Smooth Kentucky: Funky Undertones


Straddling a land that has Bill Monroe and Townes Van Zandt on one side and Jerry Garcia and Bob Dylan on the other, Smooth Kentucky’s sound is a trip through the spirit of American music.  They have a bluegrass soul, but play with a rock ‘n’ roll heart.

Guitarist/ singer Ed Hough is that soul and heart.  As guitarist Cris Jacobs says about his longtime musical partner, “He doesn’t come from an extensive music theory background, so his writing is simple, soulful, and true to what he feels.  His sound is distinctly his, because he’s not trying to sound like anyone else…he doesn’t have to.”  Hough simply says, “Well its bluegrass, but we got some kind of funky Americana undertones."

Smooth Kentucky formed in 2003 when a friend asked Jacobs, who was starting his other band The Bridge around the same time, if he could put together a bluegrass band for the Baltimore Brewing Company’s Friday night bluegrass happy-hour.  Jacobs reached out to his longtime musical ally, Hough. The two then recruited mandolinist B.J Lazarus to help round out the line-up.  At an early gig upright-bassist Dave Freeman left his card on the table and told Hough to call him.  He did, and Smooth Kentucky as a four-piece was born.  They played as a four-piece for two years, during which time they released their self-titled debut album, which is a smart combination of traditional bluegrass and a more adventurous spirit that Hough says he discovered from attending, “many, many Grateful Dead shows.”

Shortly after the album's release they decided they wanted to expand their line-up by adding a fiddle player.  Fiddle prodigy Patrick McAvinue happened to hear the band on a local radio show.  An audition was quickly arranged, but almost ended as fast as it started.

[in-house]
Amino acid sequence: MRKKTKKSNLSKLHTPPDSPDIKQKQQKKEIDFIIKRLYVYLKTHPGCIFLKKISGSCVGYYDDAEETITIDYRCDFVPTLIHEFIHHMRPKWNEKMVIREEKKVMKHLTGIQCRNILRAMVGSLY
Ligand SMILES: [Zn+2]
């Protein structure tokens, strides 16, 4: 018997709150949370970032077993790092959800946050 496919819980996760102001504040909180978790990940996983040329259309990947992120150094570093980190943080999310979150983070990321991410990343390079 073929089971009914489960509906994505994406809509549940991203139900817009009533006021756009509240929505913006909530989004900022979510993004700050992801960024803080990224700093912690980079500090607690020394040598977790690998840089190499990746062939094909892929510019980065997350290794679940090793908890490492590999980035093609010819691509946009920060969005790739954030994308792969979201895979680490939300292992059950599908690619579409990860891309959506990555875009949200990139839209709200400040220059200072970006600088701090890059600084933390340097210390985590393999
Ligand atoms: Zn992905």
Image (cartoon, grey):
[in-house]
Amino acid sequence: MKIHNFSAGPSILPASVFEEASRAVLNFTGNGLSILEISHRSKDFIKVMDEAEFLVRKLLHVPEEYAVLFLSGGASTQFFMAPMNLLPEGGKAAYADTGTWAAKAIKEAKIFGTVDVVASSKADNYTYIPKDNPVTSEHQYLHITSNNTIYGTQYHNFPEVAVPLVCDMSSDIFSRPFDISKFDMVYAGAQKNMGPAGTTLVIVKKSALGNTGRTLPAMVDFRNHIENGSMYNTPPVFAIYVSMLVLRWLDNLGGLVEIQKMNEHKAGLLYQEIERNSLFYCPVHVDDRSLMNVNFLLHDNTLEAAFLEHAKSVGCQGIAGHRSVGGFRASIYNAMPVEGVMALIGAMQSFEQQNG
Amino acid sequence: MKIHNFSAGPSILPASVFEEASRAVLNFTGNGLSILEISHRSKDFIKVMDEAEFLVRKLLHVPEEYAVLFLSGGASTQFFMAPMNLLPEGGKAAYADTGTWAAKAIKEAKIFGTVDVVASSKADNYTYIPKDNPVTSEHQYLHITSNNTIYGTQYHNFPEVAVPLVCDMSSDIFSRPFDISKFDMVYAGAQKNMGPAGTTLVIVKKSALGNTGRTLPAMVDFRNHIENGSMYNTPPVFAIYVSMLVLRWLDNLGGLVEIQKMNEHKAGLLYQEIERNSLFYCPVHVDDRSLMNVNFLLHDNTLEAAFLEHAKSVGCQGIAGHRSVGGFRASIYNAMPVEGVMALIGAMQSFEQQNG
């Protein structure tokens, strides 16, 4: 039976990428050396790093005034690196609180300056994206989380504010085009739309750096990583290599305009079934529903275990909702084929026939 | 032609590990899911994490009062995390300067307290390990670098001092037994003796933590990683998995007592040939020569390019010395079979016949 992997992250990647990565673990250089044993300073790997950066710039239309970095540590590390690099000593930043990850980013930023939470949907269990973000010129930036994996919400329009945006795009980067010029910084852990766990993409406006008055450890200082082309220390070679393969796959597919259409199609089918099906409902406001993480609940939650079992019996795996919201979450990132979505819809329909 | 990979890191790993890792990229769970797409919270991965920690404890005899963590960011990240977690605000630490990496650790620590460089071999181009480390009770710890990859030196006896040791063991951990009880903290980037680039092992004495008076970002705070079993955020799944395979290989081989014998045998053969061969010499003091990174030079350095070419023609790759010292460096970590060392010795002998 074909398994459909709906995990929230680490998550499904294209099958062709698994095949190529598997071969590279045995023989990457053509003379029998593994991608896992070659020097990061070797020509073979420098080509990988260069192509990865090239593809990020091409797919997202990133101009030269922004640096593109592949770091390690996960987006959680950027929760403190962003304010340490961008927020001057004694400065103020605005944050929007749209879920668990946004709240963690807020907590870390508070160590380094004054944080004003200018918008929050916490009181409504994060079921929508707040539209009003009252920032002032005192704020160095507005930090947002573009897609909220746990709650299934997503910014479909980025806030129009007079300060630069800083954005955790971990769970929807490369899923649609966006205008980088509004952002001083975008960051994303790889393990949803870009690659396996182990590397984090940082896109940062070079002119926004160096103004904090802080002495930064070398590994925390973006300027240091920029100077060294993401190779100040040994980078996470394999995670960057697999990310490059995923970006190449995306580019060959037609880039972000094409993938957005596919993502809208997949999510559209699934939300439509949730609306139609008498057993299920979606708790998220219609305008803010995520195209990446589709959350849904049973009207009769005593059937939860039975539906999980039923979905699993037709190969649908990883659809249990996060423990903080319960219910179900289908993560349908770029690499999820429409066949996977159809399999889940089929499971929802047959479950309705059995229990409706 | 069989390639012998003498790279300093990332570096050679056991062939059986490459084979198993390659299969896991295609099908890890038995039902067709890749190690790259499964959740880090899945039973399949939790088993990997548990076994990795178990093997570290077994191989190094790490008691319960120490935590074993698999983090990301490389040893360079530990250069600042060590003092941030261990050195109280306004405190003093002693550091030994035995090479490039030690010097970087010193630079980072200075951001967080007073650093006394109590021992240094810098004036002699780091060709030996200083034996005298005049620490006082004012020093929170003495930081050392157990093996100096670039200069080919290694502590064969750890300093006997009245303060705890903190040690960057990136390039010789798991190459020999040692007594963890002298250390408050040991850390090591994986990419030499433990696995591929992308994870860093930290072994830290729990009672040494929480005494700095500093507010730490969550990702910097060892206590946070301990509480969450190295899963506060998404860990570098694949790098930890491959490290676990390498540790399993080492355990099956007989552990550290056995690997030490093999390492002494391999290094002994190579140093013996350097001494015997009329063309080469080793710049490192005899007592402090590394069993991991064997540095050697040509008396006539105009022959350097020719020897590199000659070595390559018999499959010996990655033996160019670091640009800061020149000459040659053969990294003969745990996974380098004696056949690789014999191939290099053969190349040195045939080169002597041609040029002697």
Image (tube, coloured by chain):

“He walked in and was baby-faced; he was in the 10th grade.  We were hesitant,” recalls Hough.  McAvinue quickly eased Hough’s worries, “All I did was hear him tune up, and I was done.  Cris and I looked at each and were like ‘oh my god’.”

Just as the band settled into its new life as a five piece, Jacobs had to scale back his time with the band as The Bridge began to take on a larger national profile and was keeping him on the road away from Smooth Kentucky for long stretches.  Hough arrived at a simple solution to this problem.  He recruited Dave Giegerich (dobro) and Jordan Tice (guitar) to help fill the holes while Jacobs was away.  This unusual arrangement of having three different guitarists rotating through allowed the band to be able to create a wholly unique personality.  While at its core Smooth Kentucky is built upon the steady, tasty rhythms of Hough, Freeman, and Lazarus, each show is a new adventure as they play with their ever-revolving cast of guitarists, which allows each night to provide a different interpretation of their arsenal.

Their new album, A Few More Miles, released in June of this year, is a testament to that ever evolving line-up and the band’s deep widely-branched roots. It is this simple, but constantly changing muse that Hough follows.

“The main goal for me is to provide the listener with something that’s not so expected, but still remaining true to our overall sound," Hough states. "It is always the element of surprise that keeps me coming back for more.  Hopefully with this new release people will be surprised and want more as well.”

A Few More Miles is a journey through the joys of rural American music; it explores the backwoods and the front porch, even taking a turn to visit a finger-pickin’ good version of Bob Dylan’s “She Belongs To Me,” all the while soothing your soul with the sounds of a tall glass of whiskey in hand and the sun shining on your face.

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